Finished my first 9 week semester with an A and an A-, not too shabby! I really enjoyed my first semester at SNHU. The classes were challenging and the professors were fantastic. I entered a photo into their first ever Art Contest which ends in a couple weeks.
An update. Since I graduated from CPCC in May and the class for which this blog was originally created has ended I have changed the title. I plan to continue the blog however. I am enrolled at SNHU to earn my BA in Graphic & Media Arts with a concentration in Web Design, and a minor in Creative Writing. After much soul searching, I decided to change course from my original plan to work towards a BS in Mobile & Web programming. Why? Mostly because I just didn’t LOVE it, and also because the field is dominated by young men, and I am an older woman. For the next 20+ years I want to do something I love, not just what I have to do to make it/get by.
Classes at SNHU do not begin for about a month, so I will be working on wrapping up some personal projects in the meantime. Sweaters I am knitting/crocheting for my granddaughters, some organization/cleaning out at home, and hopefully painting my living room and bathroom.
Image license terms:
This photo is free for personal, educational and non-commercial usage.
You may not use it to promote a product or a service.
That is the license for this particular image. As this is for a class assignment, I believe the use is appropriate. I used it primarily because I found it beautiful and haunting. Further uses could be for other assignments or a personal website or blog. I would not be allowed to use it on a commercial website or on a website or materials that are promoting a product or service.
This map is a Wish Trip map. I would love to take this road trip with my daughter in the next year or two. We start at home- the lavendar marker. The gold markers are places I have never been but have wanted to go. The fuschia markers are places I have been but my daughter has not. The teal markers are places I have either lived or have relatives living there now. I could not embed the interactive map without paying, but the link will take you there if you’d like to zoom around.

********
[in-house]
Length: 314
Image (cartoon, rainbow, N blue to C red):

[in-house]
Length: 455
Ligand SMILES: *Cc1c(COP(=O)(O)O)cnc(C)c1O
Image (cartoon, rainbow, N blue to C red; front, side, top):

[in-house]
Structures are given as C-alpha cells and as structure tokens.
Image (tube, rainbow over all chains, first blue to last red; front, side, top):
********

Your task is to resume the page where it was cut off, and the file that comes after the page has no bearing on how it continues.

This was a pretty cool exercise and I have saved this map for future editing and possible implementation!
For the most part, the informal study of students in our Moodle forum showed a basic understanding of the concepts and most were fairly correct or close. My own was close, but not quite correct. Having been out of any type of science class for a long time, I am not sure how much the models I saw in school and those teachings were reflected in my answer, but I do recall the elliptical models as pictured in the video. The tilt on the axis however I did remember.
The video was fascinating, especially how they demonstrated even with direct teaching how difficult it was to overcome Heather’s private theories.
What does it mean for education? One thing I can see is a need for accurate and correct modeling even for the youngest ages when teaching these concepts. Heather’s private theories were likely formed throughout her younger years from what she gleaned from the elementary science teachings and what she learned through TV and other media. “Dumbing down”, or representing concepts inaccurately to younger children could affect these private theories.